To make matters worse (if that;s possible), not only are we unable to ever look at Jack the same way again (seriously, how can we deal with fun loving, flirty, quipy Jack in a fourth series?), we're left to wonder how his daughter deals with her guilt. To her mind, at least, she's culpable in her son's death since she begged anyone who would listen to her to bring Jack into this to save the day.

Though there were many big, glaring WTFs, it was a small moment that drove home to me RTD's cluelessness. Frobisher has just murdered his family and committed suicide. We cut to Gwen, Rhys, and Andy walking up to Ianto's sister's home to inform her her brother is dead. And Andy asks if she knew Ianto was gay, which was then made light of. Not only was it a shockingly callous moment, the sudden shift in tone was inconceivable to me.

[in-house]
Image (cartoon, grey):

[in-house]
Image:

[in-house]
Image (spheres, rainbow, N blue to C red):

This turned out to be a much longer write up than I anticipated. Imagine if I was a fan! If there is another series, no, I'm not watching. Well, unless I need to invoke the Jamie Bamber rule - he guest stars in anything, I'm watching. Or if RTD pulls his head out of his ass and does a massive reset. Maybe the Doctor can fix this mess. Sorry, Gwen, I have to disagree with you when it comes to the Doctor. He would have been there. He has faith in us, even at our worst. More faith in us than than your creator does.
Tags:
*sigh*